Oregon — The Attorney General of the State.
The Attorney General of the State of Oregon requests such reasonable attorneys' fees as the court may award.
Idaho — Richard R. Greener.
Mr. Richard R. Greener, counsel for the state of Idaho, requests approval of his contingency fee agreement with the state requiring payment to him of 20 percent of the net recovery to the state of Idaho and political subdivisions and entities therein. This was an agreement fairly entered into, and, considering that the recovery of the state of Idaho will be relatively small and that Mr. Greener has already spent in excess of 100 hours of his services in its behalf and is likely to devote another 30 hours of work to this litigation before the settlement funds are distributed, the court finds this 20 percent agreement to be fair and reasonable and therefore approves the same.
Washington, Wisconsin and Kansas.
These states, through their counsel, have made substantial contributions to the success of this litigation in the manner hereinafter indicated, which contributions in the court's considered judgment went beyond their obligations to their respective states. The services of each state will be separately considered and evaluated.
The state of Washington, through its Special Assistant Attorney General, Culp, Dwyer, Guterson and Grader, first entered this litigation on July 5, 1969, and have actively participated therein ever since. They request attorneys' fees in the sum of $74,728, which they assert represents compensation at the rate of $80 per hour (it is actually approximately $74 per hour) for the time of the attorneys, particularly William L. Dwyer and Jerry R. McNaul, experienced antitrust lawyers. A summary of their schedule of services as of April, 1974, reflects the following:
1. Legal research in connection with the dealer cases 104.60 2. Pretrial conferences and joint plaintiffs meetings (23 in number) 237.10 3. Work of Subcommittee of 3 states to propose damage data form 85.00 4. Answering transaction interrogatories 109.60 5. Analyzing proposed allocation agreement 27.50 6. Allocation of settlement fund between states 15.10 7. Class action research 144.60 8. Research on pass-on and remoteness issues 56.20 9. Damage analysis 34.70 10. Other time 119.70 11. Time since filing of petition 80.50 ________ TOTAL HOURS 1,014.60
It is evident from the foregoing and the details accompanying each item that much of the time was spent for the benefit of all parties and all classes in this litigation. Illustrative thereof are the 104.60 hours devoted to the pilot "dealer" cases, 85 hours devoted to the work of the subcommittee of three states and the 56.20 hours devoted to research on the pass-on and remoteness issues. Under the circumstances and bearing in mind that the recovery of the state of Washington is not likely to be sufficient to warrant full compensation of counsel for their time and effort, the court finds it eminently fair to attribute one-half of the time devoted by counsel to this litigation as time directly benefitting the unrepresented claimants in all classes. Accordingly, the court awards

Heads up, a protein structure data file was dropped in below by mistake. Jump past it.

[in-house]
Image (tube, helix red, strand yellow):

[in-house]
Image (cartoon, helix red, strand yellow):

The state of Wisconsin, through Assistant Attorney General Bruce A. Craig and George F. Sieker (now deceased), first entered this litigation with the filing of its action in June of 1969. Since that time both of these experienced antitrust attorneys have been involved in the prosecution of this litigation. Mr. Craig requests compensation in the sum of $59,500, which represents compensation at the rate of $70 per hour for 850 hours of time devoted by Mr. Craig and Mr. Sieker to the litigation. Together, they participated in at least seventeen depositions, conferences and pretrial hearings in San Francisco, New York and elsewhere. They were particularly effective in the taking of the deposition of and preparation for the cross-examination of Dr. Crutchfield, the defendants' economics expert in the trial of the "dealer" cases, and they aided in the preparing of the testimony of Professor Willard Mueller of the University of Wisconsin as an expert witness on behalf of plaintiffs to counteract the testimony of Dr. Crutchfield. An additional area of substantial activity on the part of Mr. Craig was in the preparation of forms for the compiling of transaction data for all public bodies. The court is satisfied that at least half of the time employed by counsel for the state of Wisconsin directly served the interests of all classes and substantially contributed to the favorable result achieved. Accordingly, the court awards attorneys' fees to the state of Wisconsin in the sum of $29,750, which shall be paid from the fund available for distribution to the unrepresented claimants in all classes.